FCC Report: Cable Subs Slipping
Though value-adding MSOs thrive; DBS services posting big gains
By Bill McConnell -- Broadcasting & Cable, 1/5/2003 7:00:00 PM
After decades of nonstop growth, cable subscribership appears to be declining, the federal government noted last week.
|When all the numbers are in, the FCC predicts cable's subscribership will have declined in calendar 2002, while DBS's will have grown.|
|*Fiscal year ended June 30
|Of multichannel subs||85.3%||80.2%||76.5%|
|Of multichannel subs||9.4%||18.3%||20.3%|
The prediction was included in the FCC's 9th annual report on video competition, which tracked industry trends for fiscal year ended June. The agency felt comfortable announcing a possible decline for the year ended in December after official numbers and forecasts provided by cable operators showed that subscriber growth had slowed significantly. "Calendar year 2002 may be the first year in which the industry as a whole has had a net loss of subscribers," the FCC report said.
At the end of June, cable had 68.8 million subscribers, up 0.4% from 68.5 million the year before. But the FCC did not predict where cable would stand on Dec. 31, 2002. Direct-broadcast satellite households grew from 16 million to 18 million households, 20% of multichannel homes.
Although the revelation that the total number of cable households may decrease during calendar 2002 may sting some operators, industry analysts were not surprised.
Fierce competition from DBS and poor performance by two or three giant MSOs conspired to hurt numbers for the entire industry, said Niraj Gupta, cable analyst for Salomon Smith Barney.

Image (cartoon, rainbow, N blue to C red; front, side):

"Two or three companies have serious problems," Gupta said, particularly Charter, Adelphia and recently acquired AT&T Broadband.
"Combine that with the inherent disadvantage rural cable operators have relative to satellite and you get declining numbers," Gupta said. Rural cable operators have high per-customer costs because they must wire large, lightly populated areas, whereas the per-customer costs for DBS differs little between rural and urban areas.
Gupta predicts that cable may show flat or declining numbers again in 2003 while Comcast struggles to build out the inadequate infrastructure of AT&T Broadband. But over the long term, cable will hold its ground by offering more services than DBS, which hasn't, for instance, figured out how to provide high-speed Internet access effectively.
He also predicted that cable's superior services will allow it to capture high-margin customers who will pay for add-ons and will leave more price-sensitive customers seeking cheap, video-only service to DBS.
In the meantime, companies that have added capacity for new services such as digital tiers, broadband and video-on-demand—Cox, Time Warner Cable, Insight and Comcast's non-AT&T systems—are holding their own or growing, he said. Those buildouts also are creating a bright spot for the industry: strong growth in revenues.
Industry revenue grew approximately 16%, fueled by viewers' increasing preference for cable programs and advertisers' subsequent increase in cable ad buying as well as consumer expenditures on premium channel, pay-per-view and high-speed modem services.
Cable's sluggish subscriber growth caused multichannel providers on the whole—cable, satellite TV, SMATV service to apartments, condos and offices, and wireless cable—to lose TV household share. That, in turn, reversed years of strong growth in pay-TV penetration.
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